AG: Blue Jays shortstop Danny Ainge in action
TM: NBA star Danny Ainge started at third for the Jays back in 1981. Here are the other starting third basemen in Blue Jays history.
AG: Joe Theismann in action with the Toronto Argonauts during the 1972 season
TM: This is the first photo, outside the Huskies ticket, that doesn't bring back memories.
AG: Cousins Tracy McGrady and Vince Carter in 1999
TM: T-Mac never seemed happy.
AG: Kelly Gruber celebrates Toronto Day at the SI Vault (for @GrubersMullet and Gruber lovers everywhere)
AG: Roberto Alomar lays out for a catch during the 1992 World Series against Atlanta
TM: The greatest Blue Jay of all-time.
AG: Toronto fans celebrate after the Blue Jays won the 1992 World Series
TM: I'll never forget.
AG: Jesse Barfield and his son let their Soul Glo before a 1996 (sic) Blue Jays-Orioles game
TM: I loved Barfield, and I love this picture. There's my Exhibition Stadium in what is likely 1986. Barfield had a cannon for an arm.
AG: Wendel Clark scores a goal during a 1993 Caps-Leafs game
TM: All heart.
AG: Canadian legend Tim Horton played 18 seasons for the Maple Leafs in the '50s and '60s
TM: That's right, kids. Tim Horton was a Leaf. In fact, he was one of the greatest Leafs.
AG: Dave Keon and Pierre Pilote chase down a loose puck during a 1967 Maple Leafs-Blackhawks game
TM: I missed Keon's entire career, but I caught his return.
AG: Brian McNamee stretches out Roger Clemens before a 1997 Toronto-Baltimore game
TM: Roger Clemens, part of baseball's lost generation.
AG: How did Chris Bosh let SI take this photo of him?
AG: SI's Chuck Solomon with a great aerial shot of Joe Carter scoring the winning run of the 1993 World Series
TM: Joe touched 'em all, and it's been all downhill since then.
AG: Toronto Day is over as I have to meet Robbie Alomar at his Skydome hotel room for dinner. Hope you enjoyed
TM: Fess up, Toronto. How many of you slept with Roberto Alomar?
Toronto is a big city, but this past week we've had more than our fair share of news that transcends our borders. Many of us are wondering "what's next?".
Luka Rocco Magnotta
The MSM learned the name Luka Rocca Magnotta on May 30 when the Torontonian was identified as the suspect in the murder of Lin Jun. Yes, the murder took place in Montreal, but this story had a strong Toronto slant because he was born and raised here. I wrote about him, and I'm pretty sure he was reading and left a comment. More on that in the comments here. I'm glad he's now behind bars in Berlin.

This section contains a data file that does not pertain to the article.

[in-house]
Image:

Union Station Flooding
Nobody got hurt, but it was pretty big news in this city and the pictures were popular outside Canada. Here are some Photoshopped images from June 1.
Janitor Tries to Blow Up St. Joseph’s College
This story got lost in the shuffle, but it's pretty chilling. A janitor at St. Joseph’s College, an all-girls Catholic high school, cut the school's main gas line with the intention of blowing it up. Thankfully, his plan failed.
Eaton Centre Shooting
On Saturday, an argument made its way to a very busy food court in the Eaton Centre where Ahmed Hassan was gunned down. Seven others ended up in hospital as a result of this altercation. The suspect has turned himself in and the Eaton Centre is open for business once more.
I think that covers the more sensational stories from this city over the past week. It's enough to make me long for the days when we had nothing better to discuss than what to call Gay-Straight Alliances in schools.
People sure had fun with the images of a flooded Union Station yesterday. Here are a few of the more popular pix that are floating around.
The Canadian Design Resource is sharing this warning about Toronto. They don't know the original source, so if you do, please let us know in the comments.
I can dig it.
This is a great National Film Board of Canada documentary from 1982 with fantastic footage from our city 30 years ago.
This feature documentary studies one of the city’s most visible yet most anonymous character: the taxi driver. Filmed by day and night, the film offers an entertaining and sometimes comical look at the drivers, fleet operators and dispatchers who are expected to deliver passengers, parcels… and even babies.